Wars and Wages: A Look at the Economic Influence of War  

By  Dixie Somers, Special for USDR


When we think of the effects of war, we often imagine riots, wounded soldiers, struggling countries, and serious international contention. However, one significant influence of war is the effect it has on an economy. War is an activity that costs more than just the price of equipment that gets used during battles. There’s a firm influence on economies when there is a war. The following examples show a few instances of how war effects an economy, and what it means for the countries involved.

Heightened Inflation

As early as 400 BCE, people recognized that waging war had a high price to pay. It forced the cost of everyday items to greatly increase, as Sun Tzu points out in The Art of War. Furthermore, the cost of war becomes increasingly heavier as time progresses. This comes from the need to continue funding an army while providing equipment and other supplies for a force that does little in terms of economic production.

Reduced Domestic Spending

A greater amount of taxation will decrease the amount of money that civilians have to spend on both themselves and businesses. This results in a net decrease in economic growth. Such was the case during the French Revolution when the government increased taxes to fund their armies. Thomas Paine argued that some wars were even started as a reason to increase the amount that a government can tax.

Depleted Capital Resources

One of the largest problems with war is not the immediate cost, but the long-term cost to production that persists even after a war ceases. Less workers are available due to casualties in war, and, depending upon where the war took place, other capital resources like machinery and factories may have been damaged beyond repair. This was the case during and after World War I in Germany. This, coupled with the heavy reparations that Germany was expected to repay as a result of the Treaty of Versailles, greatly diminished Germany’s capability to be self-sufficient and to recover after the war.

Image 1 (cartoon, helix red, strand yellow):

Lowered Supply of Products

As the demand for a product stays constant and the supply decreases, the price tends to raise. This results in fewer funds for citizens of countries to use, which in turn means that everyday pleasantries are less available. The best example of this was during World War II when a large portion of the United States was put into motion to make supplies for the war. This shifted limited an already strained workforce to create things that were less for domestic purposes, which in turn drove a global scarcity of certain goods.

The influence that war has on economies becomes more apparent as you look at how war has affected various countries and regions throughout history. While it can have some economic benefits, such as clearing out outdated capital infrastructure, the negatives tend to outweigh the positives according to historical evidence. The information for this article was provided by the professionals of Norwich University, who provide a masters in American   history.

Head Shot B&W (1)“This article was written by Dixie Somers, a freelance writer who loves to write for business, finance, women’s interests, and technology. She lives in Arizona with her husband and three beautiful daughters.”

All opinions expressed on USDR are those of the author and not necessarily those of US Daily Review.